At Raft we believe in doing the right thing. And doing it yourself if necessary. We look out for people with the same ethic and, when we get a few moments, we ask them to share a few thoughts with us.

Meet Matthew Quitter of London Electric Cars. He takes old classic cars and turns them into mean green electric machines...

Matthew Quitter is a bit of a car mechanic punk. He does his own thing in his own way, however difficult it is and however long it takes.

And what he does it pretty amazing. Matthew buys up old, polluting, fume-spewing but beautiful cars, strips out the engines and turns them into clean, green, electric vehicles.

It’s a brilliantly simple idea. We all want to go green - but what about all the millions of petrol and diesel cars already on the roads? If we just buy new electric cars and send the rest to the scrapheap the waste of metal would be mind-boggling. Matthew’s solution is London Electric Cars - a start-up company that’s got both the petrolheads and the eco warriors excited (and it’s not often that happens).

But like many brilliantly simple ideas, actually putting it into practice takes a lot of skill and hard work. Matthew has to employ a mix of cutting-edge digital tech and traditional manual engineering knowhow. The process starts with 3-D computer modelling and ends with Matthew tinkering away for hours in the garage, his head stuck deep under the bonnet, trying to fit recycled laptop batteries into a 1950s chassis.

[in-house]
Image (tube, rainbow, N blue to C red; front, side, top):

‘The perfect city car’

Matthew’s prototype was a classic 1953 Morris Minor Series 2. The reviews from the motoring press were beyond glowing. The Telegraph called it ‘the perfect city car’ and suggested it might be the vehicle that ‘changes the world’.

It’s beautiful and very cool, with a cheesegrater grille, spacious interior and an original minimalist-design dashboard. A hidden bluetooth speaker fills the silence of the electric engine, which can be charged from 13A household socket.

There’s no road tax, no congestion charge and it costs just £1 a week to run around London.

The electric game-changer

Having nailed the Morris, Matthew is now working on other favourite cars, including a Land Rover and a classic Mini. But more importantly, he’s also working on a project that could be a real game-changer: home electric conversion kits. The goal is to enable people to convert their own cars to electric vehicles without any need for welding or cutting.

If that takes off, Matthew Quitter could be the car mechanic punk who changes the world. ‘Funnily enough,’ says Matthew, ‘My friends literally do call me a punk. It’s how we greet each other. Yo punk! I thought it was fairly common?’

Right now there’s nothing much common about a classic car with an electric engine on the streets of London. But one day, who knows?

Read more about London Electric Cars on their website and follow them on Twitter, Facebook and Instagram.